Christchurch Heritage Festival recap: Our stories of living and learning

Heritage Festival officially wrapped up over labour weekend and we were thrilled to be able to run our homestead and garden tours as part of this year’s celebrations!

Over two days we welcomed members of our community near and far and explored the rich history of Risingholme park and homestead. Risingholme was originally part of the extensive Ōpawaho swampland which was an important site of mahinga kai for local iwi. From 1864-1944 the homestead and park was used as a private residence for a number of prominent local families such as the Reeves and Andersons. Since 1944, when it was gifted to the people of Christchurch by local philanthropist J.R McKenzie, Risingholme has been a place for the community to gather and learn, and the tours we ran as part of this year’s heritage festival represent an extension of this ongoing community spirit.

Our natural heritage

The sprawling Risingholme Park is home to a variety of native and introduced trees, many of which were planted by the Reeves family between 1864-1891. The Andersons were keen gardeners too, and established a blooming rose garden at the front of the property. Species like English Oak, Beech, Atlantic Cedar, Totara, and a special Kauri tree planted in 1943 for the official opening of the Risingholme Community Centre in 1944 also contribute to the heritage status of the park.

Today, the park continues to be enjoyed by the public and is lovingly looked after by the Christchurch City Council Park’s Department. The park tour was led by DJ who was our natural heritage expert and shared some fascinating insights into the various plantings and how the natural environment has changed over time to reflect different tastes in gardens over time.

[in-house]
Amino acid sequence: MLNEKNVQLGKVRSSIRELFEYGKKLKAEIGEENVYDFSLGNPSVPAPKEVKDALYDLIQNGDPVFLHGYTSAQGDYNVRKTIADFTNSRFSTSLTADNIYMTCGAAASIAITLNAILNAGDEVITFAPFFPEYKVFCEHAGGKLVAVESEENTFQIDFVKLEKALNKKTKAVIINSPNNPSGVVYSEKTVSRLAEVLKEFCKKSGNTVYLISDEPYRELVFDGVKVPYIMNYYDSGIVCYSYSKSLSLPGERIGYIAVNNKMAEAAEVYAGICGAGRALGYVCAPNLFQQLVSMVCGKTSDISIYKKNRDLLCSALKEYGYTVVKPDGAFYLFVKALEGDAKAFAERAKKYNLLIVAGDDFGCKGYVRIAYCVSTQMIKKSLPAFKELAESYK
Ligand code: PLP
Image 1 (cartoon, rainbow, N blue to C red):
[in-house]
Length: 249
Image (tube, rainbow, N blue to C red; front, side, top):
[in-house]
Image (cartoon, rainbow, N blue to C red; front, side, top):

A private home and place of learning

One of the most striking things about the park is the large Category 2 listed homestead nestled in the centre of it. Designed by the leading colonial architects Benjamin Mountfort and Maxwell Bury in a carpenter gothic style, the house retains much of its original features despite being heavily restored following the 2011 earthquake and a fire in June 2016.

Our homestead tour guides took us behind the closed doors of the homestead which now acts as the offices for Risingholme Learning. Within each room there was a story to be told from the renovations and additions made over time as families moved in and out, to the visible restorations that enable it to be used as a safe space to run classes from today. Many of the rooms also had works on display created by learners at Risingholme as well as a specially curated sample of archives that illuminated aspects of Risingholme’s long history.

If you’re interested in learning more about our history and the legacies that inform our work as an organisation today, stop by our office at 22 Cholmondeley Ave, have a chat with one of the team, and take a look at the display panels which expand on the story of Risingholme.

Make sure to check out some highlights of the park and homestead tour on our Instagram page here by clicking on the ‘our history’ button at the top of our profile.

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